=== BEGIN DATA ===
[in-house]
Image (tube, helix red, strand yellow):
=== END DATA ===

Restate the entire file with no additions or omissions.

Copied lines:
[in-house]
Image (tube, helix red, strand yellow):